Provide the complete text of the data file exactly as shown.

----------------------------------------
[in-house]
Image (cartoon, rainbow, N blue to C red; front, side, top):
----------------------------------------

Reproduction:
[in-house]
Image (cartoon, rainbow, N blue to C red; front, side, top):